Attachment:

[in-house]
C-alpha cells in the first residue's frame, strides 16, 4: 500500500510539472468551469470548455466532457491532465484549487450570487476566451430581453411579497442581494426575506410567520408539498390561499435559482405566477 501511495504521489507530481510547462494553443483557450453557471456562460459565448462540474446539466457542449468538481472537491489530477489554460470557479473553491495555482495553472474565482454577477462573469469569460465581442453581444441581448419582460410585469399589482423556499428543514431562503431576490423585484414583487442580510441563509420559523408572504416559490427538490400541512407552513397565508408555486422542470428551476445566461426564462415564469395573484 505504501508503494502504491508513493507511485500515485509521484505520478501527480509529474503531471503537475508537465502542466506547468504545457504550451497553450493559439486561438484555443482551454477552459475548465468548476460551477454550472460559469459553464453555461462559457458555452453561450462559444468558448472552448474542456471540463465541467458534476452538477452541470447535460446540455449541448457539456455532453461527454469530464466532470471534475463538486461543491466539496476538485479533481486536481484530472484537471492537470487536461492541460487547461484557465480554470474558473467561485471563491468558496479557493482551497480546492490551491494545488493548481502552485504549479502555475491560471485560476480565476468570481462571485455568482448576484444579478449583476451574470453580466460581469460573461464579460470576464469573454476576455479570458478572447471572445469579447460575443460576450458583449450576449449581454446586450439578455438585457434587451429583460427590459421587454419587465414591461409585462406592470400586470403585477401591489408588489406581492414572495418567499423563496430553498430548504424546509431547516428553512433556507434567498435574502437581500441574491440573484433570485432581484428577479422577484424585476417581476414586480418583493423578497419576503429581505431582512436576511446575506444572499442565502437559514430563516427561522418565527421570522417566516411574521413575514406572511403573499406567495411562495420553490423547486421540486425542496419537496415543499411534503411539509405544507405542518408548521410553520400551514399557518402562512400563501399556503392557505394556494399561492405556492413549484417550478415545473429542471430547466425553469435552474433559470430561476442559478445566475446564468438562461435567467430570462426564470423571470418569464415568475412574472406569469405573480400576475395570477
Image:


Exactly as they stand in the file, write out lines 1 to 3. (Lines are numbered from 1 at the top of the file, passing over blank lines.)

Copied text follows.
[in-house]
C-alpha cells in the first residue's frame, strides 16, 4: 500500500510539472468551469470548455466532457491532465484549487450570487476566451430581453411579497442581494426575506410567520408539498390561499435559482405566477 501511495504521489507530481510547462494553443483557450453557471456562460459565448462540474446539466457542449468538481472537491489530477489554460470557479473553491495555482495553472474565482454577477462573469469569460465581442453581444441581448419582460410585469399589482423556499428543514431562503431576490423585484414583487442580510441563509420559523408572504416559490427538490400541512407552513397565508408555486422542470428551476445566461426564462415564469395573484 505504501508503494502504491508513493507511485500515485509521484505520478501527480509529474503531471503537475508537465502542466506547468504545457504550451497553450493559439486561438484555443482551454477552459475548465468548476460551477454550472460559469459553464453555461462559457458555452453561450462559444468558448472552448474542456471540463465541467458534476452538477452541470447535460446540455449541448457539456455532453461527454469530464466532470471534475463538486461543491466539496476538485479533481486536481484530472484537471492537470487536461492541460487547461484557465480554470474558473467561485471563491468558496479557493482551497480546492490551491494545488493548481502552485504549479502555475491560471485560476480565476468570481462571485455568482448576484444579478449583476451574470453580466460581469460573461464579460470576464469573454476576455479570458478572447471572445469579447460575443460576450458583449450576449449581454446586450439578455438585457434587451429583460427590459421587454419587465414591461409585462406592470400586470403585477401591489408588489406581492414572495418567499423563496430553498430548504424546509431547516428553512433556507434567498435574502437581500441574491440573484433570485432581484428577479422577484424585476417581476414586480418583493423578497419576503429581505431582512436576511446575506444572499442565502437559514430563516427561522418565527421570522417566516411574521413575514406572511403573499406567495411562495420553490423547486421540486425542496419537496415543499411534503411539509405544507405542518408548521410553520400551514399557518402562512400563501399556503392557505394556494399561492405556492413549484417550478415545473429542471430547466425553469435552474433559470430561476442559478445566475446564468438562461435567467430570462426564470423571470418569464415568475412574472406569469405573480400576475395570477
Image: